Traveller's tales

Sunday, April 23, 2006

Diary of a genetically unmodified traveller: Eating foreign food

That’s no big deal these days – most of us eat foreign food every day of our lives.
Vindaloo curry on Saturday, (but always - roast beef and Yorkshire pod on Sunday) pizza on Monday, chop-sue on Monday – that kind of thing.

Where foreign food really does taste foreign is in the country it’s cooked in – the one where the locals eat it like the English eat roast beef and Yorkshire pod – abroad!

First of all, you can’t recognize one single item on the menu, if there is such a thing – so then you ask, and, failing to understand the reply, you go up to where the food is on show or being prepared and point at something that you think might be edible.

Appearance is everything – if it doesn’t look right, if it looks slithery or slippery, if it’s the wrong color – the odds are that you won’t choose to eat it.

And that goes for the restaurant or café you pick. I was horrified by a restaurant my friends elected to use in the first few days of my time in Khartoum, Sudan. However, some months down the road, I unknowingly chose the same place to eat it, commenting, “This place looks nice.”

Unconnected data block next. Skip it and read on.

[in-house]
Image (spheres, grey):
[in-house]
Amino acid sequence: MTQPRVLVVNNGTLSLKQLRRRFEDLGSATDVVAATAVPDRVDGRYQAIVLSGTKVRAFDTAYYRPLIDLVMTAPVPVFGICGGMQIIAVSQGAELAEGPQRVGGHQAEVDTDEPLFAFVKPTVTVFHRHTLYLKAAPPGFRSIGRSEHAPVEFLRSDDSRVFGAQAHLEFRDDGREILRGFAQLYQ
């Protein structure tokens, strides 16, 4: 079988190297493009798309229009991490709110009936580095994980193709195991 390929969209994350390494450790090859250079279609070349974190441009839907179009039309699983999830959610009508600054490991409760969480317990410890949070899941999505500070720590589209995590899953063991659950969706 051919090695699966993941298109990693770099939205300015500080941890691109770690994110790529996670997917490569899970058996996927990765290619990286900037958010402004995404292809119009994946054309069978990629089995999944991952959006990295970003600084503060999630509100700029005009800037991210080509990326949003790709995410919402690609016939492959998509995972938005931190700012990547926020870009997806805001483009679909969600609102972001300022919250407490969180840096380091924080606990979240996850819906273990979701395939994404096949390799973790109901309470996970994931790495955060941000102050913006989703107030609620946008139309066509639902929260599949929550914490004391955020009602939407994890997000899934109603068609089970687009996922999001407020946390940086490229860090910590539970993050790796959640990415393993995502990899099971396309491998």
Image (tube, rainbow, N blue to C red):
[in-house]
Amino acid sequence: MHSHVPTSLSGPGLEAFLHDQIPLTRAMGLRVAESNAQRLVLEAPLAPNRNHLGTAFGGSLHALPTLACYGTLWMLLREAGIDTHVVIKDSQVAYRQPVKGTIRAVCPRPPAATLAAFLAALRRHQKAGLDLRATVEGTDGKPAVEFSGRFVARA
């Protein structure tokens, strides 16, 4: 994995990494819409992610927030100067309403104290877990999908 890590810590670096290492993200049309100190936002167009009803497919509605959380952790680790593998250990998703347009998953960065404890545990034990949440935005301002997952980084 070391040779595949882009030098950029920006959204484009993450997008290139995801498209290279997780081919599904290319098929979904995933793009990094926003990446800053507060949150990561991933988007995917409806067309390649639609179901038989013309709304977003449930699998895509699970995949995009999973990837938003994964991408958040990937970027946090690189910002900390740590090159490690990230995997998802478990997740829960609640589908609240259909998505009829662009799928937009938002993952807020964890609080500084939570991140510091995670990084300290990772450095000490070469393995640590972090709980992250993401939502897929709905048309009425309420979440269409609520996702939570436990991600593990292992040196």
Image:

Appearances and what you get used to are both important; tourists compare what’s on offer where they are holidaying with the kind of places they eat in back home – a lot go hungry for just this reason.

Getting used to eating out, means getting used to the different dishes out there, and the surroundings in which you are going to eat in.

You can easily walk out of a restaurant before you’ve really sat down at a table, but once you’ve ordered, that’s it – you’re obliged to try to eat what is put in front of you.

Now, if it’s under or overcooked, you can send it back – change it for something else, and I suppose you can always do that if you really don’t want to eat something, but it’s more embarrassing and difficult if you’ve already eaten half of whatever it is you’re trying to return.

On a more local level, once you’ve put something in your mouth, it can be quite embarrassing to have to remove it in front of the others at the table. There are ways to do this, and I was thinking how to do just that when this photo was taken.

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